powerinojSs

2022-11-23

If randomly picked from m symbols, each symbol being equally likely, how long on average would it take to pick m/2 different symbols?
Lets take the specific example of the English alphabet. In this case, I have 26 letters (symbols). Lets say these letters are plastic toys in a box. At random, I take one toy letter from the box, and write it down on a piece of paper. I then put that toy letter back into the box, and repeat the process. How many times, on average, would I have to repeat this process for my piece of paper to contain 13 of the 26 letters of the alphabet?
Is there a way to generalize the answer to m symbols instead of 26? What happens when m is odd?

Shiloh Davenport

Expert

Step 1
The first pick from the box of 26 is guaranteed to produce a letter that you haven't drawn already. To get the second such letter requires on average $\frac{26}{25}$ picks — close to one more, but a little bit more than that because you have a small chance of drawing the same letter as you did the first time. To get the third distinct letter requires on average $\frac{26}{24}$ picks, and so on.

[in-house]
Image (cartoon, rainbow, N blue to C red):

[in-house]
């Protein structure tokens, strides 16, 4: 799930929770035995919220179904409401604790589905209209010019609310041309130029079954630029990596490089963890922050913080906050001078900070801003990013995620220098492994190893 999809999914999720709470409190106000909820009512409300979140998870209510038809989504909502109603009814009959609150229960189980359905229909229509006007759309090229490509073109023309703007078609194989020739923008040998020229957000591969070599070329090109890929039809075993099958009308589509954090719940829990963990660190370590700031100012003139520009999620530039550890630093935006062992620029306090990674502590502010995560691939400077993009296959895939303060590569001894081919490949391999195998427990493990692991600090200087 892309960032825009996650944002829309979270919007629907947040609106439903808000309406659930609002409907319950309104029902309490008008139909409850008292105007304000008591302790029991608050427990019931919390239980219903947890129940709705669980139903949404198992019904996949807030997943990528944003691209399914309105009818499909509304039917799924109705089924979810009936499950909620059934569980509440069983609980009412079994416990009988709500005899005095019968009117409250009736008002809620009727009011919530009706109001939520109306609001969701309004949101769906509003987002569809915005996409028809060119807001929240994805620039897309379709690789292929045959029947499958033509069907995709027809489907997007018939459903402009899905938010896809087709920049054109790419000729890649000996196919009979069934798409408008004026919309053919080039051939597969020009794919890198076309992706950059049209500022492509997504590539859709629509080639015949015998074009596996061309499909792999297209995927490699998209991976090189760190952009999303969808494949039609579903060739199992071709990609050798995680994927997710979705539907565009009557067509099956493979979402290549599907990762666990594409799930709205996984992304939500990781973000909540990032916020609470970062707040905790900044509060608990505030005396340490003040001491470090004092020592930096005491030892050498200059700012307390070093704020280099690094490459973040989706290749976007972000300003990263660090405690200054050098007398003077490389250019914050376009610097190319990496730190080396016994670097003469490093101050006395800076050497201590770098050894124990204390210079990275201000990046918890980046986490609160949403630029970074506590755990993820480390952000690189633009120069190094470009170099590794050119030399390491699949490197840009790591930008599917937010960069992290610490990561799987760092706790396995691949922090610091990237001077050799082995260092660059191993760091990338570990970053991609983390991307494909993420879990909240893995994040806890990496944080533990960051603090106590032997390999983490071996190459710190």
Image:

To pick at least k different elements from a box containing n different elements one expects to need a total of
1$1+\frac{n}{n-1}+\frac{n}{n-2}+\dots +\frac{n}{n-k+1}=n\sum _{i=1}^{k}\frac{1}{n-i+1}$ picks.
Step 2
For your example of $n=26,k=13$, this is approximately 17.5 picks.
You wanted to know what happens when $k=\frac{n}{2}$. When n is not too small the number of picks required to get about $\frac{n}{2}$ different items can be shown to be approximately
0.69n
where $0.69\approx \mathrm{log}2$. (To show this, write the formula above as
$n\sum _{i=1}^{k}\frac{1}{n-i+1}=n\left({H}_{n}-{H}_{n-k}\right)$
where ${H}_{i}$ are the harmonic numbers, and use the approximation ${H}_{n}\approx \mathrm{log}n+\gamma$)

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